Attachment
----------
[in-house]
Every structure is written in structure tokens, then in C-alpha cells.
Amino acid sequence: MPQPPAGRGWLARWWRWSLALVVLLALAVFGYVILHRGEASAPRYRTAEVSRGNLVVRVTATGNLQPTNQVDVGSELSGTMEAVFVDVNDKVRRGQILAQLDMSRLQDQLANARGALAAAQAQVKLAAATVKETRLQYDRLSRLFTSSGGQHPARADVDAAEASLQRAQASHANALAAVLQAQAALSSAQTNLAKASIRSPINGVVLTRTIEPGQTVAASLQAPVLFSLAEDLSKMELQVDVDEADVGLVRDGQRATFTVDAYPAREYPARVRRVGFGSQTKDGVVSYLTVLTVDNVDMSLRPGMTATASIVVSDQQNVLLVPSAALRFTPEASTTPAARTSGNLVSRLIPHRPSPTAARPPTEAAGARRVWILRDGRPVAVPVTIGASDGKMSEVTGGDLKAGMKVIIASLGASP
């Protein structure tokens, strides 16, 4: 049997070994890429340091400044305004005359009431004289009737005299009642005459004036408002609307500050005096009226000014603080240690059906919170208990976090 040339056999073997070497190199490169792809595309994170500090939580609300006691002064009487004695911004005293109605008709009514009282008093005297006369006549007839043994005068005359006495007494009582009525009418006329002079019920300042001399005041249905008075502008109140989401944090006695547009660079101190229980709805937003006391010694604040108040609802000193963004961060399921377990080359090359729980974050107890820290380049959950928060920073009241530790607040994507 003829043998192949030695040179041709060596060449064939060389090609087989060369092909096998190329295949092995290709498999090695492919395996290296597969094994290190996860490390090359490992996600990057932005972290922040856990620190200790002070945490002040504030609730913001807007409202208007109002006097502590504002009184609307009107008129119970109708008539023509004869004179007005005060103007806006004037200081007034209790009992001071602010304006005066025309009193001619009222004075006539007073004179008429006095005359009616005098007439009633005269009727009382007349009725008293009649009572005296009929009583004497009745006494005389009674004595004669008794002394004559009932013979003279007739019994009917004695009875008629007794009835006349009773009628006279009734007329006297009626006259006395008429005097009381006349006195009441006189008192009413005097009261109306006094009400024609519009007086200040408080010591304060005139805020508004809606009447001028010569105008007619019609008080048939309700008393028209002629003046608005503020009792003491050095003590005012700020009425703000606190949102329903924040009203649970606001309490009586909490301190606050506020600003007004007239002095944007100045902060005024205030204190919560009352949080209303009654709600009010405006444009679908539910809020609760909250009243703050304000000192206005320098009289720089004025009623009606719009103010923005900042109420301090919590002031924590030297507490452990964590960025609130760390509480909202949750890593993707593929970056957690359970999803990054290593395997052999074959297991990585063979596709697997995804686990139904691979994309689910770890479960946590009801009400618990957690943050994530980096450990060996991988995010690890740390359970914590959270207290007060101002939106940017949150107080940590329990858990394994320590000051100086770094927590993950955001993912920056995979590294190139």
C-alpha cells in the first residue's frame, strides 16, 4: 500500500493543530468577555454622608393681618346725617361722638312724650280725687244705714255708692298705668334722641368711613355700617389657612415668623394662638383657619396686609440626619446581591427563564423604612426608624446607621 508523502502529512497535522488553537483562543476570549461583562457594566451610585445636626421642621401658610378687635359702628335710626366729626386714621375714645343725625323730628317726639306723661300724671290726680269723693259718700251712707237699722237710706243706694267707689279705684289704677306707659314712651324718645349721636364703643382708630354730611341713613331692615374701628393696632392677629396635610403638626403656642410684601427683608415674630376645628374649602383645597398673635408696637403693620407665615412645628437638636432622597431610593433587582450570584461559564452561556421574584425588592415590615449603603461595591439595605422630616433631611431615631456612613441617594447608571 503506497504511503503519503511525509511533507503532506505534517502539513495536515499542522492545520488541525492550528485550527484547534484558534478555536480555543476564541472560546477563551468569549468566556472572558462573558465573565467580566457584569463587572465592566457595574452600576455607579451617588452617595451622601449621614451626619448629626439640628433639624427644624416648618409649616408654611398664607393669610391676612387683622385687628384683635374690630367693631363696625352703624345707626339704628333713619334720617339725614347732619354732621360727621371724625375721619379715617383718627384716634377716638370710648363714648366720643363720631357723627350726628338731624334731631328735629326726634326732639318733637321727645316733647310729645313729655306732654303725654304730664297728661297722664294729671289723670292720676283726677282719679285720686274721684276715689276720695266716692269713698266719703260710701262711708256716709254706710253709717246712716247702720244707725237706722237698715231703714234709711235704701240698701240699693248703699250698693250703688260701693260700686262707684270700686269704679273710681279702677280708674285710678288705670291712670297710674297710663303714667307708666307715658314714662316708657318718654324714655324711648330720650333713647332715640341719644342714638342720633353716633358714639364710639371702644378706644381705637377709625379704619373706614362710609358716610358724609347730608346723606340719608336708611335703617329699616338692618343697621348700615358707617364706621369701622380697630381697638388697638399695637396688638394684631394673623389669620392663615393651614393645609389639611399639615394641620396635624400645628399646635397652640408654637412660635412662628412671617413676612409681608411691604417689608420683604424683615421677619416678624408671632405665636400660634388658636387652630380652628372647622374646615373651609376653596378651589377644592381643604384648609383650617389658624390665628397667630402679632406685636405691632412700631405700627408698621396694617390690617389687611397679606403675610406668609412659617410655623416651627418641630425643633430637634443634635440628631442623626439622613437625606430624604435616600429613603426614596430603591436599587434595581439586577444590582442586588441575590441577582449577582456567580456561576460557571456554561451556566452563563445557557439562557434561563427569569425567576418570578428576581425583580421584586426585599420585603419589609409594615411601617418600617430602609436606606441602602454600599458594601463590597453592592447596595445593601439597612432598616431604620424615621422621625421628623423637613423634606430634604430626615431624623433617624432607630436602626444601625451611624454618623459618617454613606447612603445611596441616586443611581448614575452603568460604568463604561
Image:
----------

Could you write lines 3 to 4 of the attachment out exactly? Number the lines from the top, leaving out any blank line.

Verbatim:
Amino acid sequence: MPQPPAGRGWLARWWRWSLALVVLLALAVFGYVILHRGEASAPRYRTAEVSRGNLVVRVTATGNLQPTNQVDVGSELSGTMEAVFVDVNDKVRRGQILAQLDMSRLQDQLANARGALAAAQAQVKLAAATVKETRLQYDRLSRLFTSSGGQHPARADVDAAEASLQRAQASHANALAAVLQAQAALSSAQTNLAKASIRSPINGVVLTRTIEPGQTVAASLQAPVLFSLAEDLSKMELQVDVDEADVGLVRDGQRATFTVDAYPAREYPARVRRVGFGSQTKDGVVSYLTVLTVDNVDMSLRPGMTATASIVVSDQQNVLLVPSAALRFTPEASTTPAARTSGNLVSRLIPHRPSPTAARPPTEAAGARRVWILRDGRPVAVPVTIGASDGKMSEVTGGDLKAGMKVIIASLGASP
């Protein structure tokens, strides 16, 4: 049997070994890429340091400044305004005359009431004289009737005299009642005459004036408002609307500050005096009226000014603080240690059906919170208990976090 040339056999073997070497190199490169792809595309994170500090939580609300006691002064009487004695911004005293109605008709009514009282008093005297006369006549007839043994005068005359006495007494009582009525009418006329002079019920300042001399005041249905008075502008109140989401944090006695547009660079101190229980709805937003006391010694604040108040609802000193963004961060399921377990080359090359729980974050107890820290380049959950928060920073009241530790607040994507 003829043998192949030695040179041709060596060449064939060389090609087989060369092909096998190329295949092995290709498999090695492919395996290296597969094994290190996860490390090359490992996600990057932005972290922040856990620190200790002070945490002040504030609730913001807007409202208007109002006097502590504002009184609307009107008129119970109708008539023509004869004179007005005060103007806006004037200081007034209790009992001071602010304006005066025309009193001619009222004075006539007073004179008429006095005359009616005098007439009633005269009727009382007349009725008293009649009572005296009929009583004497009745006494005389009674004595004669008794002394004559009932013979003279007739019994009917004695009875008629007794009835006349009773009628006279009734007329006297009626006259006395008429005097009381006349006195009441006189008192009413005097009261109306006094009400024609519009007086200040408080010591304060005139805020508004809606009447001028010569105008007619019609008080048939309700008393028209002629003046608005503020009792003491050095003590005012700020009425703000606190949102329903924040009203649970606001309490009586909490301190606050506020600003007004007239002095944007100045902060005024205030204190919560009352949080209303009654709600009010405006444009679908539910809020609760909250009243703050304000000192206005320098009289720089004025009623009606719009103010923005900042109420301090919590002031924590030297507490452990964590960025609130760390509480909202949750890593993707593929970056957690359970999803990054290593395997052999074959297991990585063979596709697997995804686990139904691979994309689910770890479960946590009801009400618990957690943050994530980096450990060996991988995010690890740390359970914590959270207290007060101002939106940017949150107080940590329990858990394994320590000051100086770094927590993950955001993912920056995979590294190139």